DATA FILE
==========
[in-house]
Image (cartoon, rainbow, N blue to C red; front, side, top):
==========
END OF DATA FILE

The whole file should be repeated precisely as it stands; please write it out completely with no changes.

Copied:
[in-house]
Image (cartoon, rainbow, N blue to C red; front, side, top):